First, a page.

The impetus for “microcredit”—the extension of very small business loans to impoverished borrowers who often lack collateral, steady employment, or a credit history—was mainstream finance’s unwillingness to deal with the poor, which, in turn, was widely believed to perpetuate the cycle of poverty. When Bangladesh was hit by famine in 1974, Mohammad Yunus, an economics professor, popularized the concept with the launch of his now-famous Grameen Bank. For his efforts, Yunus was awarded the Nobel Peace Prize in 2006. But just how successful has microcredit been in breaking the poverty trap in developing countries?
“Of all the development fixes devised during the neoliberal era, nothing has captured the hearts, minds and pockets of the international development community, philanthropists, and key Western governments quite as much as microcredit” write Milford Bateman of Juraj Dobrila University of Pula (Croatia) and UNCTAD’s Stephanie Blankenburg and Richard Kozul-Wright, editors of “The Rise and Fall of Global Microcredit: Development, Debt and Disillusion” (Routledge, 2018).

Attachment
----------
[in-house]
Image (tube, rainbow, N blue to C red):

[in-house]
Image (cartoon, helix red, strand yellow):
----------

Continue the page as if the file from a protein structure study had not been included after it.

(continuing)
Released on November 7, during the opening day of the Intergovernmental Group of Experts on Financing for Development at the Palais des Nations in Geneva, the book is a definitive assessment of where—and how—microfinance went wrong.
For viewers seeking a synopsis, the Virtual Institute (Vi) captured the essential points from the authors’ presentations during the book-launch. We particularly recommend co-editor Blankenburg’s talk on what developing countries need for successful structural transformation, why it is so difficult to pull off, and the implications for microfinance in the context of current globalization trends.
Vi also had a chance to chat with co-editor Bateman, who discussed the theory
The book launch also featured a fascinating new UNCTAD publication, “The Ins and Outs of Inclusive Finance: Some Lessons from Microfinance and Basic Income,” which, alongside microfinance, examines the concept of universal basic income (UBI), now a hotly debated policy proposal everywhere from Rome to Chicago. UBI, unlike microfinance, appears to be an idea whose time has come, writes contributor Guy Standing of the School of Oriental and African Studies (U.K.) and co-founder of the Basic Income Earth Network. The Virtual Institute had the chance to visit Prof. Standing at his home in Geneva, where he offered his take on the powerful promise of UBI as a poverty-fighting tool.